Less than a month after wildfires engulfed parts of Israel, tender green growth is emerging from scorched ground in the Judean hills west of Jerusalem.
The stubborn shoots attest to the natural process of healing and also symbolize the difficult but determined return to normalcy for thousands of Israelis affected by the fires.
Some caused by negligence and others by arson, an estimated 4,000 brush and urban fires between November 19 and 28 killed vegetation and wildlife across 10,000 acres in the Judean hills, burned homes and businesses in that region and caused human and structural havoc in the northwestern cities of Zichron Ya’akov and, especially, Haifa.
ISRAEL21c asked how officials are helping the people and forests affected by the most serious blazes between November 23 and 25, which were fanned by unusually dry, windy conditions.
Social worker Michal Harel-Bash, director of one of five municipal welfare units in Haifa, describes the evacuation of 60,000 residents (out of a population of 280,000) on November 24 as the fire spread rapidly through three of Haifa’s largest neighborhoods.
Parents raced from work and home to fetch kids at schools and daycares, while the city organized buses to evacuate residents and found them temporary shelter if necessary.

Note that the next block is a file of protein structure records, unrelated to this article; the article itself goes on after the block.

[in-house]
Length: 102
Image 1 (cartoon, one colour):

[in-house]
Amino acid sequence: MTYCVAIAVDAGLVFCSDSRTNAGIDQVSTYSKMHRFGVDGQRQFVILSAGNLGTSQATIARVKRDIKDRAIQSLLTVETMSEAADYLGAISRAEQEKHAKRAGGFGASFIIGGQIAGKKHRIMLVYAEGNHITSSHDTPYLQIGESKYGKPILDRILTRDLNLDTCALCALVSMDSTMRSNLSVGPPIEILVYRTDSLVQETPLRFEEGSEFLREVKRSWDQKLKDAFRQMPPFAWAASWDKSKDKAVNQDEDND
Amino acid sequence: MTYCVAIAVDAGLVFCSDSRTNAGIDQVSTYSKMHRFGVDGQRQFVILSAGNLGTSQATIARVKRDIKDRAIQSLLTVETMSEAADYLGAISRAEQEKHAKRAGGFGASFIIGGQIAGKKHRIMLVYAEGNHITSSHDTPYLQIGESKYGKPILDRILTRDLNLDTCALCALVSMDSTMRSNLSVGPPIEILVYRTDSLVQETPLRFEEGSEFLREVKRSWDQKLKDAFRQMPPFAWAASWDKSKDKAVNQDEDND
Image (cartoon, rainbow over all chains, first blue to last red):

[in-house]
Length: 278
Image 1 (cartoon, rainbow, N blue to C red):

“The municipality immediately opened eight evacuation centers prepared for emergency situations,” Harel-Bash tells ISRAEL21c.
“In the first hours we helped them find accommodations. All of the municipal welfare workers were there till after midnight, and a lot of volunteers came to offer their houses. Some of the families were able to go back home that night, 67 families hosted evacuees for the night and 300 families have been put up in hotels for periods of time since then.” About 30 senior citizens were sent to stay in other senior residences.
On November 25, city social workers began helping occupants of the 1,000 fire-damaged apartments and houses procure basic supplies – most had fled with just the clothing on their backs — and access services such as government insurance payments, appraisals, cleaning and repairs.
“Some houses burned down completely, some were damaged and have no utilities, some were in danger from trees and other infrastructure falling, and everywhere there is a lot of soot,” says Harel-Bash.
Two drop-in information centers were opened, and Mayor Yona Yahav convened a conference where residents learned about their rights and asked questions of Finance Ministry officials about speeding up bureaucratic procedures for reimbursement.
“The municipality had a situation room open 24 hours a day for more than a week and we were all there in shifts to give the population the fastest and best service we could,” Harel-Bash reports.
Municipal social workers started phoning residents of the affected areas on the morning of November 27 to assess needs. It was the first day of school after the fires, so educational psychologists visited schools to talk with children and staff.
“From that day on, we have remained in contact with families if they want us to be,” says Harel-Bush. “A social worker is assigned to every hotel housing displaced families, and more than 50 individuals received intensive therapeutic care from the municipality.”
By mid-December, most residents had returned home but many are traumatized by the memory of approaching flames. Those with existing emotional difficulties were pushed into crisis mode.